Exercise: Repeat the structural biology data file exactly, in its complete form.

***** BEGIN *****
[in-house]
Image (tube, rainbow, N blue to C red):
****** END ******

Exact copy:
[in-house]
Image (tube, rainbow, N blue to C red):